The opening plenary session of Seatrade Middle East Maritime saw the region’s key players describing the challenging environment the industry faces — but offering some powerful solutions to the audience of industry professionals from 67 different countries.
Chaired by Sky News TV anchor Jeremy Thompson, the panel of eminent keynote speakers included Shaikh Daij bin Salman Al Khalifa, chairman of Asry of Bahrain, who said: “The challenges our industry faces are a matter of concern especially here in the GCC, as we are net importers.”
“Unfortunately, changes never come alone they come in groups, especially in the maritime sector. Stagnating volumes, rising fuel prices, declining asset prices, piracy and insurance are challenges, but they’re cyclical.
On a positive note, Shaikh Daji says he sees growth in the ultra-large vessels sector.
“Super vessels are being ordered to take advantage of the economies of scale. Everyone is ordering vessels above 10,000TEU; there’s no lay up in this sector.”
“This is a reflection of the optimism in the industry that we will see another upturn soon — but maybe not in 2013,” he said.
Key to survival, Shaikh Daji suggested, is diversification and risk management.
“We must change and evolve as the business environment changes around us. We must take calculated risks to protect ourselves; we must have the bravery to expand and diversify.”
“Diversification should be a natural evolution; but should also provide benefits to the core business stream. Asry is subject to the same downturns faced by the shipping industry, but since we have diversified, our new oil and gas division is now earning as much revenue as our core business,” he added.
Chris Hayman, chairman of Seatrade, said to the audience that there is a definite move towards ultra-large vessels.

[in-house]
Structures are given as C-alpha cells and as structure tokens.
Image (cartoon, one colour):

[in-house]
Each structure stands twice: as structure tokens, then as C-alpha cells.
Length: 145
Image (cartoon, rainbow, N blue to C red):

Hayman said: “While the recently commissioned Marco Polo, at 16,000TEU is the largest vessel in the world, next year, Maersk will surpass this with its 18,000TEU capacity vessel. Maersk’s business also underlines the shifting global economic focus, after it has seen a 15 per cent increase in business from emerging markets.”
Jamal Majid bin Thaniah, vice-chairman of DP World and group CEO of Port and Free Zones World Dubai, said he sees a “new wave of globalisation” and a totally different world since 2008.
“After a sustained period of growth of around 12-15 per cent per annum — a boom rate until 2008 — we are now seeing growth rates in the industry of two to three per cent, which will continue for two reasons — low tariffs and global trade barriers,” he said.
Bin Thaniah said: “Since the 1980s, the world has moved from nations and protectionism, to global regions, such as Europe, which are shrinking into themselves. “There is also a shift in the centre of gravity — we are seeing a shift in economic power from west to east.”
He said the industry needs to “move away from the regionalised global system and work together to remove the global trade barriers.”
From : Khalij